Nov 3, 2021 • 16M

Some more sentences about words

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Gospel thinking for today, with Tony Payne and Phillip Jensen.
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In the wake of my post a few weeks ago about the ‘blunder in our Bible reading’, some of you asked some thoughtful questions about the value of word studies and word searches. The questions were so helpful, in fact, that I thought a few more sentences about words were in order …

I was suggesting, you may remember, that we have a habit of overusing and misusing word studies. Given that meaning is made in sentences (and only in sentences), we need to prioritise reading the sentences in front of us, and not chase words all over the Bible to see what connections we can make to our passage.

Hang on, said some thoughtful correspondents, is that the crying of a baby I hear that has been thrown out with the bathwater? Surely word studies are of some use! Are you trying to make us feel guilty every time we chase up a cross reference, or look at how a word is used in other places, or do a word search on all the uses of that word in the Bible?

In the comment thread, Callan asked whether it was reasonable (for example) to think that Paul’s use of the word ‘minister’ (diakonos) to describe himself in Eph 3:17 had some relation to the saints being equipped for the work of ‘ministry’ (diakonia) in Eph 4:12. Is it OK for us to see that connection and make something of it?

Given it’s part of the same discourse, very likely yes. As I pointed out in the original post, the closer two repeated words are to one another in a discourse the more we are likely to notice the repetition as readers and ponder whether the author is referring to the same thing, or ‘saying’ something through the repetition. That’s the key point—whether or not there is a connection is determined by what the author is doing in the sentences and in the discourse that is made up of those sentences, not through the cleverness of our Bible software. In this case, Callan is right I think—the activity the saints are being equipped for in 4:12 is part of the same mission that Paul has been appointed to in 3:17, and the repetition of the root diakon– helps us to notice that, along with the unfolding logic of the whole discourse of which 3:17 and 4:12 are part.

All the same, the mere fact of repetition doesn’t necessarily have any significance. I used the word ‘point’ twice in that last paragraph (‘pointed out’ and ‘key point’), without meaning anything by it.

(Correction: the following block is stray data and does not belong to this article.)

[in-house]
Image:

What about when words and connections are a little further apart? As a case study, Callan points out that the words ‘Lord’, ‘visitation’, ‘compassion’ and ‘death’ are used in Zechariah’s song in Luke 1. When we come to Luke 7, we find Jesus described as the ‘Lord’ acting from ‘compassion’ to rescue a boy from ‘death’, and the people declaring in response that ‘God is visiting his people’. Is Luke wanting us to remember the song of Zechariah as we come to Luke 7? And does the repetition of these words alert us to this?

Again, it is pretty plausible to think that Luke is weaving this theme through his narrative, not only because we’ve noticed this striking repetition of words, but because that’s how narrative discourses work. Narratives usually make meaning not by presenting a logical argument but by stitching a story together in various ways—for example, by placing incidents in relation to each other, or by characters carrying forward a plot and developing or changing in the course of the narrative.  One of the common devices of narrative is to raise themes and ideas in the opening incidents of the story, and then return to them repeatedly as the story unfolds (e.g. think of the way that the overture to John’s Gospel wheels out so many of the themes and ideas that John returns to as he unfolds his story).

Is this happening in Luke 1 and 7? Very likely. And can word searches and word studies help us spot this? Of course. But so can thoughtful, alert reading. In fact, this is my litmus test as to whether I’m overusing word searches to draw connections between passages. Is this connection something that the author might expect a thoughtful, alert reader (without Bible software) to spot and appreciate? If not, then I’m almost certainly drawing too long a bow.

Another good question came from my good mate (and boss) Carl, who asked me whether it’s useful to chase up how words are being used in other places in order to get a feel for what they might mean in this sentence.